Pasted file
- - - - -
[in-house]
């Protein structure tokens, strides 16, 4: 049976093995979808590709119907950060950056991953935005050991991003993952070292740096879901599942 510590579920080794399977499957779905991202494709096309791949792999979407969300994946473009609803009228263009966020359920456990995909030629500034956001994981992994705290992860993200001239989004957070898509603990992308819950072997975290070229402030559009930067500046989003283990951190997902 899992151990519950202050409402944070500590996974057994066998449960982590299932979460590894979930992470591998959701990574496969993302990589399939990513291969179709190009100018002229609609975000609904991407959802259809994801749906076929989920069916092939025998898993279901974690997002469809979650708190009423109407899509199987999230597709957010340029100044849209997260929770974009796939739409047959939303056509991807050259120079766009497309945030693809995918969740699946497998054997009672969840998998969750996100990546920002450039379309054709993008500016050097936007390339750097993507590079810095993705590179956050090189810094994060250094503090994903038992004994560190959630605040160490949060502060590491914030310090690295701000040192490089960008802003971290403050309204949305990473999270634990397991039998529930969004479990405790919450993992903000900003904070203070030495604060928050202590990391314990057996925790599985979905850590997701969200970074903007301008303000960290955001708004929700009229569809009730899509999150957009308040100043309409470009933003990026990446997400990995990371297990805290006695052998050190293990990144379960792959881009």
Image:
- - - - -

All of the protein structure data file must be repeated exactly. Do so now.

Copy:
[in-house]
């Protein structure tokens, strides 16, 4: 049976093995979808590709119907950060950056991953935005050991991003993952070292740096879901599942 510590579920080794399977499957779905991202494709096309791949792999979407969300994946473009609803009228263009966020359920456990995909030629500034956001994981992994705290992860993200001239989004957070898509603990992308819950072997975290070229402030559009930067500046989003283990951190997902 899992151990519950202050409402944070500590996974057994066998449960982590299932979460590894979930992470591998959701990574496969993302990589399939990513291969179709190009100018002229609609975000609904991407959802259809994801749906076929989920069916092939025998898993279901974690997002469809979650708190009423109407899509199987999230597709957010340029100044849209997260929770974009796939739409047959939303056509991807050259120079766009497309945030693809995918969740699946497998054997009672969840998998969750996100990546920002450039379309054709993008500016050097936007390339750097993507590079810095993705590179956050090189810094994060250094503090994903038992004994560190959630605040160490949060502060590491914030310090690295701000040192490089960008802003971290403050309204949305990473999270634990397991039998529930969004479990405790919450993992903000900003904070203070030495604060928050202590990391314990057996925790599985979905850590997701969200970074903007301008303000960290955001708004929700009229569809009730899509999150957009308040100043309409470009933003990026990446997400990995990371297990805290006695052998050190293990990144379960792959881009």
Image: